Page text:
BELEN — Last month, a Belen woman competed in a martial arts tournament that has put her on the road to the Olympics.
Emily Hoswell, a special needs educational assistant at Belen Middle School, placed second in two events at the Arizona Karate Championships and National Qualifier in Scottsdale, Ariz., on Saturday, Feb. 16.
The event is the state championship as well as a national qualifier, a first step in qualifying for the 2020 Summer Olympics in Korea.
Hoswell placed second in kata and sparring in the black belt category for women ages 35-44. Kata is a prescribed, choreographed set of offensive and defensive moves against an imaginary opponent.
“This qualifies me to move on to nationals. It’s very exciting,” Hoswell said. “To take on another challenge and do well, especially since I was nervous knowing how much different this organization is compared to the one I am a part of, the United States Association of Martial Artists.”
The Scottsdale competition is sanctioned by the World Karate Federation, the largest international governing body of sport karate and the only karate organization recognized by the International Olympic Committee. The 2019 National Championships and Team Trials in karate will be held July 9-14 in Chicago.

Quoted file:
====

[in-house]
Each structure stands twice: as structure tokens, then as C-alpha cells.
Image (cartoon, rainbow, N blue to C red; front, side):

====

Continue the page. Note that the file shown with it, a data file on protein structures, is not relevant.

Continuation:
“When you set your goals and stay focused, work hard, there’s no telling what you can accomplish,” she said. “My first goal was to earn my black belt. After achieving that, I worked to better myself in competition, and have now been on the USAMA’s National Team three years and a two-time Black Belt Women triple crown winner, ranked first in kata, sparring and weapons.”
For 13 years, Hoswell has practiced shorin-ryu, an Okinawan style of martial arts and one of the oldest styles of karate.
“It’s funny. My parents tried to enroll me when I was 6 or 7 and I just cried,” Hoswell says with a laugh.
Years later, she took a karate class to fulfill a physical education course when she was enrolled at the University of New Mexico. After leaving UNM, she continued training at Jim Hawkes Karate in Albuquerque.
“I kept doing it because I enjoyed it, liked the physicality,” she said. “especially, as a woman, knowing how to defend myself if I need to. I like the confidence it gives me.”
Hoswell has a third-degree black belt in shorin-ryu, which has 10 levels.
“The highest I know is an eighth-degree black belt,” she said.
Hoswell said while it’s still a long way to go to the Olympics, she went into the Scottsdale competition with high hopes.
“I’m definitely looking forward to a new challenge. After every competition, no matter how it goes, my instructor always asks two things — Did you have fun? Did you learn something?
“The main thing is to have this new experience and be able to say at least I tried.”